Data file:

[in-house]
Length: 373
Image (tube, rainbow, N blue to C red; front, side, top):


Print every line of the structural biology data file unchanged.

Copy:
[in-house]
Length: 373
Image (tube, rainbow, N blue to C red; front, side, top):